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  • Introduction:Mass Mobilization in Comparative Perspective
  • Valerie J. Bunce (bio) and Sharon L. Wolchik (bio)

The uprisings in the Middle East and North Africa that are commonly referred to as the Arab Spring once again highlighted an important set of questions that lie at the intersection between democratic and authoritarian and domestic and international politics. What factors lead citizens to join together in large numbers and to take the risk of mounting large-scale protests against authoritarian rulers? Why and how do these mobilizations spread to some, but not all, neighboring countries? How can we account for the variation in regime responses to these challenges and whether authoritarian leaders survive or lose power? Why do protests sometimes lead to democratic transition, other times to a new dictatorship, and in still other cases to a regime that straddles these political extremes? There are sharp disagreements on these questions. This is because there is little consensus as to what constitutes the essential building blocks of democratic change; what drives political protest and its diffusion; and what role international actors can and should play in the institution and spread of democracy.

This issue focuses on two of the three largest waves of mass mobilization and protest that have challenged authoritarian and semi-authoritarian regimes in the late 20th and early 21st centuries: the events that led to the end of communism in Central and Eastern Europe in 1989 and the demise of the Soviet Union in 1991 and the so-called "color revolutions" in post-communist Europe and Eurasia that originated in Slovakia in 1998 and spread to Croatia and Serbia in 2000, Georgia in 2003, Ukraine [End Page 111] in 2004, and Kyrgyzstan in 2005. Two of the contributions to this issue compare developments in 1989 and in the post-communist space with the events of the Arab Spring. The articles in this issue were also informed by the contributions of scholars who focus on the efforts to oust dictators in the Middle East and North Africa that began in Tunisia and Egypt and spread to a number of other countries in the region in 2010 and 2011. They further benefitted from discussion of the protests that occurred in Russia in 2011 and 2012. The optimism, not to say euphoria, that some of the events in each of these waves—particularly in those cases where mass mobilization led to regime change and, in some cases, created democratic openings—has long since been replaced by the more sober realization that the end of an autocratic government does not automatically, quickly, or easily lead to a transition to a functioning democratic polity. Continued problems with democratic development in many Central and Eastern European countries more than 25 years after the end of communism, the backsliding seen among some (though not all) of the countries affected by color revolutions, and the disappointing results of the Arab Spring—including not just failures to remove autocrats early on, but also civil wars in Libya and Syria, and the renewal of military rule in Egypt—have all tempered the expectations these events raised. The crackdown on dissent and increase in repression evident in Putin's Russia after the protests has also dashed hopes that the renewed willingness of Russian citizens to protest would lead to change in the country. The mobilizations themselves, however, continue to be of interest not only to scholars but also to policymakers thanks to what they tell us about the role of activists, ordinary citizens, and leaders in processes of political change in authoritarian and semi-authoritarian regimes.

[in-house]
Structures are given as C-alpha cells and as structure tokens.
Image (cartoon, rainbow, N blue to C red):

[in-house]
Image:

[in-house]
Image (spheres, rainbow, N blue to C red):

The three waves of mass mobilization and protest that are the main focus of this issue have received considerable attention. The literature on each of these is too extensive to cite exhaustively here. We therefore cite only illustrative works from the substantial body of research on popular mobilization and protest in individual countries in the waves that we are comparing, as well as a growing body of research on protest in Russia. Analysts have investigated the impact of domestic and international factors on the fall of communism in individual countries in Central and Eastern Europe and in the Soviet Union (see Ost, 1990; Tismaneanu...


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pp. 111-147
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